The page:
If you want to get a sense of the spirit of this Christmas season — the commercial version, at least — you might pick up a copy of Advertising Age magazine. There you will find such articles as “Young Girls Targeted by Makeup Companies,” which describes the efforts of cosmetics firms to make eight year olds feel a need to paint their faces – to sell “kid makeup,” the magazine says.
Christmas cheer for advertisers means nagging, pouting, insecure kids throwing tantrums until their parents relent. It creates tension and chaos in the family, yet in reality it is a form of training — obedience training — that is taking place on a societal scale. Kids may
give their parents problems and headaches. But for advertisers they are cooperative to a fault.
If you doubt this, listen to what your kids are nagging for this holiday season and then ask yourself “Where did they get that idea?”
Each year, advertisers and marketers spend billions of dollars to put kids through a kind of cultural obedience school. Sessions become especially intense during Christmas season. More than half of the toy industry’s annual $30 billion in sales happen in the holiday season, and this is not an act of nature. The toy industry will “put their promotional machines to work to try to make something a demand item for Christmas,” said Alan Dorfman, president of Basic Fun, a toy company.
But it’s not just the toy industry that targets kids these days. Marketers have realized they can harness the nag potential of children to move all sorts of products.
“Virtually every consumer-goods industry, from airlines to zinnia-seed sellers, targets kids,” says James U. McNeal, a retired professor at Texas A&M University, and the dean of the marketing to children movement.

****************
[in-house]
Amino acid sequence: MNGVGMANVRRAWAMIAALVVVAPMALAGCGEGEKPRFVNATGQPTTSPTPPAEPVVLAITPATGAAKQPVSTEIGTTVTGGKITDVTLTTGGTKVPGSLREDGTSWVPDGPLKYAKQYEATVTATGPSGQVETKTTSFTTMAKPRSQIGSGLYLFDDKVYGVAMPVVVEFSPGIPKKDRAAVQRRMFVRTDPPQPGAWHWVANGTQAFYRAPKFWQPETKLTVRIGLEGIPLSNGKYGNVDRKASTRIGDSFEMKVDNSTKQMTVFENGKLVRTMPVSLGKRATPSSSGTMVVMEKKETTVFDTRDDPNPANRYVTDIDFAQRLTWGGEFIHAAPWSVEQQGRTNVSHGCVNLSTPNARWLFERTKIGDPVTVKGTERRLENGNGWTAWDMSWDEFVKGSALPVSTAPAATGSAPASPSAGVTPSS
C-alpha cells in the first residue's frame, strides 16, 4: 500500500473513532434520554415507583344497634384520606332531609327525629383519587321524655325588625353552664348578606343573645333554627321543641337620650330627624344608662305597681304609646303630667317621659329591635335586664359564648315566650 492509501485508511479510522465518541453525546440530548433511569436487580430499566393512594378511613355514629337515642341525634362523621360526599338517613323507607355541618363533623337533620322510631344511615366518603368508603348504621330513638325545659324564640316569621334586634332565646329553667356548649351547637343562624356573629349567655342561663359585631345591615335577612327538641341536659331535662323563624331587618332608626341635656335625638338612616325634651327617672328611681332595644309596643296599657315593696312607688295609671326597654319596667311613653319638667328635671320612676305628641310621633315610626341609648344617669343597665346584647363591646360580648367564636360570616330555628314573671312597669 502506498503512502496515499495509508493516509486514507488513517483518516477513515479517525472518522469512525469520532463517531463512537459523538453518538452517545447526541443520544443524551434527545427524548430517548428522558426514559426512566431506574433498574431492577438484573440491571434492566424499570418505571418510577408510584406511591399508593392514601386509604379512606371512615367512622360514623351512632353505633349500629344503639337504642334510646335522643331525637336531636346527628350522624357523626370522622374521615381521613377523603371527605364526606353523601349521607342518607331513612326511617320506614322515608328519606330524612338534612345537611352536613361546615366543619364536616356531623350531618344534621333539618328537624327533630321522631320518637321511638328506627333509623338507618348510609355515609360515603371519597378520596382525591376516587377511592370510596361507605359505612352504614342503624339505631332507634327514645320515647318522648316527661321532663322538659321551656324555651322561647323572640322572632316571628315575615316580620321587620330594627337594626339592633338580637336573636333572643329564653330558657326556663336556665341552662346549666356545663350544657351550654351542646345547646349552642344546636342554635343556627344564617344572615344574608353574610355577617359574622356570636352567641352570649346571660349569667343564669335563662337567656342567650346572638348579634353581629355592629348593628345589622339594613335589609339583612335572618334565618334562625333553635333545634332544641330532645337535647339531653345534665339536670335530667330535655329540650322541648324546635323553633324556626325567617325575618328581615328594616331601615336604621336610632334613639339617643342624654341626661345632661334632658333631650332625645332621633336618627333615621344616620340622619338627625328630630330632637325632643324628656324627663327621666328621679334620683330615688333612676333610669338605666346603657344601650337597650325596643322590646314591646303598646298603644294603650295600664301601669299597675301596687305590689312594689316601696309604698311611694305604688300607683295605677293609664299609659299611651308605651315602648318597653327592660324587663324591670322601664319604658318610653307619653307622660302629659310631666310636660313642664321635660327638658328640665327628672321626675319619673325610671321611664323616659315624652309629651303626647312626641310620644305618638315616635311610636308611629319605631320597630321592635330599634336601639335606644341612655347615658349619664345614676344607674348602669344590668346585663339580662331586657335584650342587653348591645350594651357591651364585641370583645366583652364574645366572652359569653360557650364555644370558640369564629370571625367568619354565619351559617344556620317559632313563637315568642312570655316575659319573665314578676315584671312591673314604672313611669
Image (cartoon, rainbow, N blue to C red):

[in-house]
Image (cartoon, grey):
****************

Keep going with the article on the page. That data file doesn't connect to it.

The central strategy of the obedience trainers has been to interpose themselves between parents and kids – and supplant the role of parents as guides to values and behavior. In just about every venue in children’s lives — the home, the school, and all points in between —
marketers have set up an authority structure to deliver messages that is outside of parental control. A study by the Kaiser Family Foundation last year found that children spend 38 hours a week watching or listening to media — most of which carries advertising — with little or no parental supervision.
Marketers use sophisticated psychological techniques to influence kids once they have their attention.
“There are a lot of agencies and kids’ marketing firms that have psychologists on staff and on retainer,” said Debbie Solomon, senior partner and group research director at the ad agency J. Walter Thompson.
These professional kiddie influencers know what they are doing. McNeal, who has spent 35 years studying how to market to children, articulates what every parent already knows — that advertising “works very effectively in the sense of implanting brand names in their minds and creating desires for the products.”
The results of this obedience training are pretty much what you’d expect: whining and hyper-stimulated children, fights over gifts, family strife and stressed parents. In other words, Happy Holidays.
Some 76 percent of Americans feel that excessive holiday advertising and marketing to kids is taking the joy and meaning out of the season, according to a recent poll. But parents are overwhelmed. They wage a grim daily battle with a commercial culture that is hostile to their deepest values, and they need some help. As the psychological tools of the obedience trainers grow more sophisticated, things are only going to get worse.
The time has come for some disobedience — commercial disobedience. If we really value kids and families — and Christmas itself — we will start to disengage from the psychological miasma that the advertisers have launched upon our kids. And we ought to get the politicians involved, too.
Here’s a question for the new president and members of Congress to start the new year: what they are going to do to give parents more power and more tools to combat the advertisers and their assault upon the nation’s kids?
Gary Ruskin is director of Commercial Alert, an organization protecting children and communities from commercialism, advertising and marketing.
Jonathan Rowe is a contributing editor to The Washington Monthly.